The California Legislature Awakens
Last April 7th, I was able to attend a Joint Informational Hearing in the Capitol in Sacramento on long term care services and supports. The hearing consisted of three committees of the California Legislature: The Assembly Aging and Long Term Care Committee, chaired by Assemblywoman Cherryl Brown of San Bernadino, the Senate Committee on Human Services, chaired by Senator Mike McGuire of Sonoma, and the Senate Select Committee on Aging and Long Term Care, chaired by Senator Carol Liu of Glendale.
I mention the chairpersons because they are important contacts if you are a California agent and want to get involved in this legislative process. It’s one thing to bemoan our problems in California and another to be pro-active in changing them. It will take a concerted effort by many to make long term care insurance a viable product in California again.
This hearing was a major effort by some sixteen members of the Legislature to get their arms around long term care issues. They were totally aware of the financial tsunami awaiting the State in the next fifteen to twenty years if they continue to kick the financial can down the road. They were also totally aware of the dysfunctional system of caregiving in California and the stresses the system will undergo as needs grow over time.
An impressive group of experts had been invited to testify. First, Bruce Chernof, CEO of the SCAN Foundation, discussed financing issues. His conclusion was that the current long term care insurance products are not working…they are hard to underwrite, unaffordable for many, difficult to understand, and have unstable premiums. He discussed five modelling solutions, including a private/public plan and a Medicare Part E.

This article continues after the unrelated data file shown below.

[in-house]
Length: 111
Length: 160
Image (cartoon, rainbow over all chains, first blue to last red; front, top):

Next, Bonnie Burns of California Health Advocates gave an excellent comprehensive historical analysis. She emphasized that little was being done for the middle class and that a better system must be designed to keep people at home.
Third, Donald Redfoot of AARP gave a broad dissertation of the current obstacles and opportunities. He emphasized the huge number of family caregivers, forty-two million, and said that the total cost of long term care is now $ 450 billion.
Then, a number of caregiving specialists discussed the impacts on families. Next, Claudia Crist and Brenda Bufford outlined the work of the California Partnership for Long Term Care. Finally, Olivia Mastry of Leading Age discussed current state initiatives in Minnesota, Hawaii, and Washington. The Committee showed great interest in taking field trips to those states to learn more.
The hearing took close to three hours, with the assembly people and senators coming in and out of the meeting as other obligations interfered. My impression was that the members of the committees must have been overwhelmed by the breadth and complexity of the presentations. To them, this must have been a confusing opening round of fact gathering which would last months and maybe even years before they would feel comfortable writing bills and getting the bills out of their committees. But nevertheless, it was an impressive beginning.
At the end, an exhausted Chairwomen Brown asked for public testimony, as is required in these types of hearings. I had been in contact with her staff person, Robert MacLaughlin, and was reluctantly recognized. I seized my opportunity and was able to give testimony for six minutes and become part of the public record. You can find the recording on www.sen.ca.gov under Media and Media Archive. Or, you can get the summary in my next blog.